At its core, the resource sharing protocol SMB 3.0 allows users to connect to file shares and printers. But this
latest version, new in Windows Server 2012, offers resource sharing enhancements that have big implications for Hyper-V admins.
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SMB 3.0 doesn't deviate from the basic construct: A Windows admin accesses remote files by typing in \\Servername\Sharename to get to the location on another server or workstation. The protocol still allows for file access, but it performs resource sharing in a new, multi-channeled and multithreaded way that allows for much faster and more reliable throughput as well as encryption. This change enables users to access much larger files in real time and at high speed.
However, if not architected to match your business needs and service level requirements, it will only create a performance bottleneck. By first examining your options for designing a Hyper-V infrastructure using the new SMB 3.0 protocol, and the implications for a test environment, you'll be equipped to avoid potential bottlenecks.
What to expect with SMB 3.0
Using remote clustered shares with the SMB 3.0 protocol creates a transport channel that functions as a high-speed, threaded data channel for connecting to storage, similar to transport channels created with iSCSI or Fibre Channel. This viable third option for remote file access in Windows Server 2012 creates a simple way to design your Hyper-V virtual machine (VM) storage. It enables connections between Hyper-V Hosts running on Windows Server 2012 and a SMB share located on a Windows Server 2012 server or cluster of servers. The cluster nodes might use iSCSI or Fibre Channel as back storage. This configuration allows you the benefit of having multiple Hyper-V VMs pointed to the same share on the cluster that has high bandwidth connections.
Designing your infrastructure around the resource sharing protocol
In order to house your Hyper-V VM storage, configuration files and snapshots on a remote share location using SMB 3.0, you must run Hyper-V under Windows Server 2012. The remote share location must run Windows Server 2012 as well. The word from Microsoft at this point is that the code will not be backported to previous versions of Windows Server.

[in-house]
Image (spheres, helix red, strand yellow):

How you design a Hyper-V infrastructure around remote share Hyper-V VM storage will vary according to your storage I/O needs and the nature of the workload. The infrastructure could simply consist of a single server with local storage.
Or it could be more complex and consist of a multi-node cluster with multiple high bandwidth network interfaces. Your I/O, redundancy requirements and budget will all be important factors contributing to the end design.
SMB 3.0 in a test environment
For a limited test environment that does not require high availability, you only need a Hyper-V host and a secondary server with some onboard storage. For example, two desktops or two lower-end servers with single 1 Gigabit Ethernet connections could suffice, but to use SMB 3.0, they must both be able to run Windows Server 2012.
You could also expand and have multiple standalone test Hyper-V hosts as the processing power of the environment, all pointing back to one Windows Server 2012 server for your storage. This reduces the amount of distributed/wasted local storage, and simplifies provisioning additional transport technologies, such as iSCSI or Fibre Channel, on each Hyper-V host. This configuration would make the remote storage a single point of failure, but it would reduce costs and provide a very simple architecture.
Once you've evaluated SMB 3.0 in a test environment, you only need to go through a few more steps to make your infrastructure production-ready. Learn how in part two of this series.
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Rob McShinsky asks:
Do you think SMB 3.0 is an improvement over previous versions?
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